Hume on Causation

Routledge (2006)

Authors
Helen Beebee
University of Manchester
Abstract
Hume is traditionally credited with inventing the ‘regularity theory’ of causation, according to which the causal relation between two events consists merely in the fact that events of the first kind are always followed by events of the second kind. Hume is also traditionally credited with two other, hugely influential positions: the view that the world appears to us as a world of unconnected events, and inductive scepticism: the view that the ‘problem of induction’, the problem of providing a justification for inference from observed to unobserved regularities, is insoluble. Hume on Causation is the first major work dedicated to Hume’s views on causation in over fifteen years, and it argues that Hume does not subscribe to any of these three views. It places Hume’s interest in causation within the context of his theory of the mind and his theory of causal reasoning, arguing that Hume’s conception of causation derives from his conception of the nature of the inference from causes to effects.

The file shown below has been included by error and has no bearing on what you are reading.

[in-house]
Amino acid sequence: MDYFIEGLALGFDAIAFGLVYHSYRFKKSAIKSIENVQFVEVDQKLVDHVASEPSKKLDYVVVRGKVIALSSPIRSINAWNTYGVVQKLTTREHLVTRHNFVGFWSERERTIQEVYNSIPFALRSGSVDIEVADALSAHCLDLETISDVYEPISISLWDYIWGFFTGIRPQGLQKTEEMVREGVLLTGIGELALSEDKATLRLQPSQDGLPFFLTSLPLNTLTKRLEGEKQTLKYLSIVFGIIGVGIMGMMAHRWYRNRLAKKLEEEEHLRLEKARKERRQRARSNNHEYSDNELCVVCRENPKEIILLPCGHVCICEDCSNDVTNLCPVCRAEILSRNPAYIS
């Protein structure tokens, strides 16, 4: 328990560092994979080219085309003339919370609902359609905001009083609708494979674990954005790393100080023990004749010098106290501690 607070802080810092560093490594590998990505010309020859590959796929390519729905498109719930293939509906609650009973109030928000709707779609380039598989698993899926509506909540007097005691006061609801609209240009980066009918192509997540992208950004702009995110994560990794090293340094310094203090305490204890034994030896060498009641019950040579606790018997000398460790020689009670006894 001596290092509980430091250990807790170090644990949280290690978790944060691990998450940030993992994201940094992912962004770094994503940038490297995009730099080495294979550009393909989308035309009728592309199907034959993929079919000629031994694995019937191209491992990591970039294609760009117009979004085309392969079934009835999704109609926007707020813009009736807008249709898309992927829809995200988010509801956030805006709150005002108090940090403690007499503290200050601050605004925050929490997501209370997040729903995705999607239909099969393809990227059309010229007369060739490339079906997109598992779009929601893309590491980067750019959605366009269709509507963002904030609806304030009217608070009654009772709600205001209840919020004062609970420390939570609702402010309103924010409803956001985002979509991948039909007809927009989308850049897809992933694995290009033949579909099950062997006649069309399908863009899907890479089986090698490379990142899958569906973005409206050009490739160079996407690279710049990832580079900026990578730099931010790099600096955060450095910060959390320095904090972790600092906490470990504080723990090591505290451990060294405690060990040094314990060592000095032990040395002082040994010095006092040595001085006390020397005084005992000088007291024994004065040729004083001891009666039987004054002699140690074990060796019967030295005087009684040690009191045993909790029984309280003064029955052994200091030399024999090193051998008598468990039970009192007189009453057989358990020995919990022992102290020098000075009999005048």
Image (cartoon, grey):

Keywords Causation
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Reprint years 2011
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Call number B1499.C38.B44 2006
ISBN(s) 9780415591713   0415243394   9780415243391
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An Empiricist's Guide to Objective Modality.Jenann Ismael - 2017 - In Matthew Slater & Zanja Yudell (eds.), Metaphysics and the Philosophy of Science: New Essays. New York: Oxford University Press. pp. 109-125.
Hume, the Philosophy of Science and the Scientific Tradition.Matias Slavov - 2018 - In Angela Coventry & Alex Sager (eds.), The Humean Mind. New York: pp. 388-402.
Humes Old and New: Four Fashionable Falsehoods, and One Unfashionable Truth.Peter Millican - 2007 - Aristotelian Society Supplementary Volume 81 (1):163-199.

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